In a panel of the Investor Advisory Committee, speakers spiritedly discussed a recent Concept Release on securities offering reform that raises issues for capital formation, investor protection and market integrity.
Concept Release. In June 2019, the SEC issued a Concept Release on Harmonization of Securities Offering Exemptions. Jennifer Zepralka, Chief of the SEC Office of Small Business Policy, explained that the release broadly reviewed the available exemptions to the registration requirements and examined the state of registered versus deregistered offerings.
According to the release, significantly larger amounts of new capital have been raised in deregistered offerings in recent years. An estimated $2.9 trillion has been raised in exempt offerings in 2018, compared to $1.4 trillion raised in registered offerings. In 138 specific requests for comment, the release explores whether overlapping exemptions are confusing for issuers trying to navigate the most efficient path to raise capital; whether there are any gaps in the framework that may make it difficult for companies to find the right exception from registration at key stages of their business cycle, and looking whether integration could help issuers to transition from one exempt offering to another and ultimately to a registered public offering.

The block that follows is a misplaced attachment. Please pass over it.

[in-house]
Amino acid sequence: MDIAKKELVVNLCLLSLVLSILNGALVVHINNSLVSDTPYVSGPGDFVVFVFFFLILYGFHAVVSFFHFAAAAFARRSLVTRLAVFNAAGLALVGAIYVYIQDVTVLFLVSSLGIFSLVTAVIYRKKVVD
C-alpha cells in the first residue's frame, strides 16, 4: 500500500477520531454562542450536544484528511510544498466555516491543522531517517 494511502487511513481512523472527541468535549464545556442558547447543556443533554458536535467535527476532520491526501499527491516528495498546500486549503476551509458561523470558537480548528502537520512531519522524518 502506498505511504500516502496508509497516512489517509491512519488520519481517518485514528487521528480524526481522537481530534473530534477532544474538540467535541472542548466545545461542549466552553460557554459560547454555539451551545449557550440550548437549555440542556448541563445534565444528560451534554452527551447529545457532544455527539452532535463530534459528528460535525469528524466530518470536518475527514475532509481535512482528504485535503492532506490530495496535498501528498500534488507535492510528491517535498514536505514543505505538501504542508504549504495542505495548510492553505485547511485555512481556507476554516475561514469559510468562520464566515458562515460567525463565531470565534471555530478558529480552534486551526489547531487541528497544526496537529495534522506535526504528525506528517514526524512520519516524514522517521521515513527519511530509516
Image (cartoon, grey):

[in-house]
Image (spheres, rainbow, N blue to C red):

The comment period closed on September 24, and the SEC has received more than 150 letters so far. The most popular topic for comment has been the definition of "accredited investor."
Risks of easing restrictions. Several speakers explored risks to investors and the markets that may arise from relaxing restrictions in securities offerings.
According to Renee Jones, associate dean of academics and professor at Boston College Law School, new transaction exemptions created by Congress and the SEC and the past 15 years have strayed dramatically from their statutory and traditional bases. This trend towards increasingly relaxed conditions for exemption has created new risks for investors. Further, the expansion of these exemptions has also created unfortunate spillover effects that have spread to all corners of the economy, and have impacted the welfare of corporate employees, consumers and even broader society.